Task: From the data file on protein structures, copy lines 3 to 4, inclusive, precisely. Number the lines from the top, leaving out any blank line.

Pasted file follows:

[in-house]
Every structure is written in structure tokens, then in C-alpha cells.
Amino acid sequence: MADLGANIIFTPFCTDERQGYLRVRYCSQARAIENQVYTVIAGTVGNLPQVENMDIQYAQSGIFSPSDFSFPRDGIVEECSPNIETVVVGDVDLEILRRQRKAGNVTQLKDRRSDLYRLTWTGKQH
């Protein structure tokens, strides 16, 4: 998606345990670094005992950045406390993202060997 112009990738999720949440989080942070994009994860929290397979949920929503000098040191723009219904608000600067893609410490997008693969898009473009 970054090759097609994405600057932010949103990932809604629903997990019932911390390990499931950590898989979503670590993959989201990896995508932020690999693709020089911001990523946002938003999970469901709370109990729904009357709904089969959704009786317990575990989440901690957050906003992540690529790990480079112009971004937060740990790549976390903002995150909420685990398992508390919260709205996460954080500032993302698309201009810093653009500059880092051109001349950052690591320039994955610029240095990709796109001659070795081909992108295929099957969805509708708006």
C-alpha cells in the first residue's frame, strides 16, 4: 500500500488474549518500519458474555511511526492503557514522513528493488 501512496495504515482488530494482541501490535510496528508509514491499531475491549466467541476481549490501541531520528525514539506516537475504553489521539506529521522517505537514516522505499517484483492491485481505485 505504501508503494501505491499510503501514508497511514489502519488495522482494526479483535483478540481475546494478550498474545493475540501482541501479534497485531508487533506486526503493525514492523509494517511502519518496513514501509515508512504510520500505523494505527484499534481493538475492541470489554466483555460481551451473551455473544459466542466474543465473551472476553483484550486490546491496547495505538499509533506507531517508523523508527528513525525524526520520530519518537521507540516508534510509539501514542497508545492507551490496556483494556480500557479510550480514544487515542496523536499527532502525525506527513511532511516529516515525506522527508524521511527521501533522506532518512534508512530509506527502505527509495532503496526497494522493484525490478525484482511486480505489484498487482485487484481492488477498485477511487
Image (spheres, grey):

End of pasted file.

Amino acid sequence: MADLGANIIFTPFCTDERQGYLRVRYCSQARAIENQVYTVIAGTVGNLPQVENMDIQYAQSGIFSPSDFSFPRDGIVEECSPNIETVVVGDVDLEILRRQRKAGNVTQLKDRRSDLYRLTWTGKQH
């Protein structure tokens, strides 16, 4: 998606345990670094005992950045406390993202060997 112009990738999720949440989080942070994009994860929290397979949920929503000098040191723009219904608000600067893609410490997008693969898009473009 970054090759097609994405600057932010949103990932809604629903997990019932911390390990499931950590898989979503670590993959989201990896995508932020690999693709020089911001990523946002938003999970469901709370109990729904009357709904089969959704009786317990575990989440901690957050906003992540690529790990480079112009971004937060740990790549976390903002995150909420685990398992508390919260709205996460954080500032993302698309201009810093653009500059880092051109001349950052690591320039994955610029240095990709796109001659070795081909992108295929099957969805509708708006």